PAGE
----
A Knight of the Word (1998) - Eight years later, John Ross, having failed a task, renounces his pledge to the Word and seeks civilian life. But the Word doesn't just let you go, you know? Nest Freemark, now in college, comes to his aid, knowing how close he is to falling into the Void and determined that this must not happen. More low-key than the first book, we come to know John much better and get a glimpse of Nest's burgeoning power.

Angel Fire East (1999) - Nest at 29 has returned to her childhood home, while John Ross has captured an incredibly powerful and mysterious creature called a gypsy morph. Together, they must turn the creature to the Word before the evil Demon, Findo Gask, ensnares it in the Void. If you've ever debated the Christian elements in Brooks' stories, this one may clarify (or not) a few issues. Powerful, horrifying, awe-inspiring.
Armageddon's Children
Get More Info






Elves of Cintra
Get More Info
Genesis of Shannara Series

Armageddon's Children, Book 1 (2006)
by Terry Brooks


This new series by Terry Brooks is set 100 years in the future in post-apocalyptic times and combines the premises of both his The Word and The Void Series and the Shannara series. Basically, our world is toast, and a small band of Elves and humans, led by two Knights of the Word and a magical being must escape into another world - Shannara.

We liked the opener in this series, though I thought Brook's attempt at integrating the Elves with our world was a bit awkward. I'm still wondering, too, how this series will fit into the overall Shannara history and timeline. All in all, though, we're looking to forward to the next one.

The Elves of Cintra, Book 2 (2007)
by Terry Brooks


"As the menacing thunder of war drums heralds the arrival of the demons and their brutal minions in Seattle, the young survivors who call themselves the Ghosts are forced to brave the dangerous world of gangs, mutants, and worse to escape the invasion. And Logan Tom must infiltrate a refugee compound to rescue Hawk, the leader of the street urchins, who has yet to learn the truth about who and what he is. Meanwhile, Angel Perez has joined an equally urgent mission: to find the Ellcrys, a fabled talisman crucial to protecting the Elven realm against an influx of unspeakable evil from the dread dimension known as the Forbidding. But Angel and her Elf allies must beware–for a demon spy, with a monstrous creature at its command, walks among them.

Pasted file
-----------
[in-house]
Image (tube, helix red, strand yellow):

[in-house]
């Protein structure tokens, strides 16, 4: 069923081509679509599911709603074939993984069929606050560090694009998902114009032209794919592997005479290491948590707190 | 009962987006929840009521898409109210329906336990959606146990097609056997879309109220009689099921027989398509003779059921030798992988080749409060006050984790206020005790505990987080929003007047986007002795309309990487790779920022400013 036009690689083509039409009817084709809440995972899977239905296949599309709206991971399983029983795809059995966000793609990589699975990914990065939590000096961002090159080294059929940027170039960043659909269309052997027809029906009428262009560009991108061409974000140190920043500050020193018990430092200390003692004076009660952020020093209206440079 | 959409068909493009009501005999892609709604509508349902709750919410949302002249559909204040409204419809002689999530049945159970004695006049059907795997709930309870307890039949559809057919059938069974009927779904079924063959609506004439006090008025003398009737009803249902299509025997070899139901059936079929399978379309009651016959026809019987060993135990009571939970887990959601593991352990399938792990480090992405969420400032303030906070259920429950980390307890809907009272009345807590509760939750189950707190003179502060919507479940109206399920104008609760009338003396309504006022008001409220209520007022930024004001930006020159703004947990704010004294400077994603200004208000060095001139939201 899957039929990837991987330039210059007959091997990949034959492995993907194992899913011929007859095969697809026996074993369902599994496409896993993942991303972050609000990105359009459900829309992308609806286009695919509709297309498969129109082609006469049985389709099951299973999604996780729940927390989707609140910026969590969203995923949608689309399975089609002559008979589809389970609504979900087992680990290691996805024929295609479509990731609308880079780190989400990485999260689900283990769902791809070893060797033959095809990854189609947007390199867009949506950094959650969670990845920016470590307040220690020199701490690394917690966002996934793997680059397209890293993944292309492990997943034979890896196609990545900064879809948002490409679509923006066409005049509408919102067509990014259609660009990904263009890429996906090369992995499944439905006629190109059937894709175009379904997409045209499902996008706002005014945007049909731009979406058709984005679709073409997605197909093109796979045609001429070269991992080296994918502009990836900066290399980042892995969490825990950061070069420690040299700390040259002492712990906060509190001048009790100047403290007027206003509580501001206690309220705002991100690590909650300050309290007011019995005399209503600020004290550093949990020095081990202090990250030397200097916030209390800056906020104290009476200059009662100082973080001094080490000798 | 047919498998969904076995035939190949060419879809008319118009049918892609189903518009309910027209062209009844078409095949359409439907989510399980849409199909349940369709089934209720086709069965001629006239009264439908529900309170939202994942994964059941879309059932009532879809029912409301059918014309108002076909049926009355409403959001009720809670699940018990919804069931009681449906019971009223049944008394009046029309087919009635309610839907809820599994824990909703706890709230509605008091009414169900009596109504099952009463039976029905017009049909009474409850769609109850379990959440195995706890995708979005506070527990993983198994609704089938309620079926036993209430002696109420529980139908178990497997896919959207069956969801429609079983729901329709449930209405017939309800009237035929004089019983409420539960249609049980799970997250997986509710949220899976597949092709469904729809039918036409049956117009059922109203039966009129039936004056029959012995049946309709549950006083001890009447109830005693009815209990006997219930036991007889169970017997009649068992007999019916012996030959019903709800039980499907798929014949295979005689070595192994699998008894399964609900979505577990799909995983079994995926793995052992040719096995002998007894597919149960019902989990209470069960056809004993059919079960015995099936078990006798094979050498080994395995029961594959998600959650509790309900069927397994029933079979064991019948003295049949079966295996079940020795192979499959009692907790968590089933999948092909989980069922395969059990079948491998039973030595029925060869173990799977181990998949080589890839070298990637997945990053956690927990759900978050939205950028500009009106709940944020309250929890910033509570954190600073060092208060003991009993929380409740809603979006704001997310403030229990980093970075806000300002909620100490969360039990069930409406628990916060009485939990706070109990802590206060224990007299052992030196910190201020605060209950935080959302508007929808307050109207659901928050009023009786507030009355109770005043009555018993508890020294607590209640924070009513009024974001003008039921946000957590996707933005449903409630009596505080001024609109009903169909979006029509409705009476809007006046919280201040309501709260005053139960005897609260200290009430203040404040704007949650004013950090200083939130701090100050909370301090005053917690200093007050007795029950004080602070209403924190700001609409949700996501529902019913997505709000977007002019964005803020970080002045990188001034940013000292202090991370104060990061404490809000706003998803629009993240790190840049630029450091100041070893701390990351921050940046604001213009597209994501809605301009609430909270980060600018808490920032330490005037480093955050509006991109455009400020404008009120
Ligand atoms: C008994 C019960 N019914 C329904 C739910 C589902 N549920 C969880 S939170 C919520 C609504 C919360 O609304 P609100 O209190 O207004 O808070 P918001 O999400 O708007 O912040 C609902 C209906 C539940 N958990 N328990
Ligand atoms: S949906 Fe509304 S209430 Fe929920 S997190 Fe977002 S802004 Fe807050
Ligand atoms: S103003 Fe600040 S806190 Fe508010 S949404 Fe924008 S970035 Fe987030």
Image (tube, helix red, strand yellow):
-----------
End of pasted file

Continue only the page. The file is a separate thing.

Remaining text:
As the legions of darkness draw the noose tighter, and the time of confrontation draws near, those chosen to defend the soul of the world must draw their battle lines and p repare to fight with, and for, their lives. If they fail, humanity falls." - book description.
Magic Kingdom for Sale - Sold!
Get More Info
The Magic Kingdom of Landover Series

Lawyer Ben Holiday decides to leave Earth and purchase his own magic kingdom. These lighted-hearted fantasy stories have a following all their own:

Magic Kingdom for Sale - Sold! (1986)
The Black Unicorn (1987)
Wizard at Large (1988)
The Tangle Box (1994)
Witches' Brew (1995)
The World of Shannara
Get More Info
And, for Shannara fans, there is The World of Shannara - a companion volume blessed by Brooks, written by Teresa Patterson and illustrated by David Cherry. Filled with maps and illustrations, this purports to be a guide to the history and characters of Shannara. Mixed reviews: text okay, illustrations disappointing.
Sometimes the Magic Works
Get More Info
Sometimes the Magic Works: Lessons from a Writing Life
by Terry Brooks
(2003)

Magically written memoir by Terry Brooks, Sometimes the Magic Works includes concrete advice for the aspiring fantasy writer interspersed with personal stories from Brooks' 25+ years working with the publishing industry. Credits Lester del Rey for teaching him to write, and Tolkien for inspiring him to tackle epic fantasy. A good read for fans and fantasy writers alike.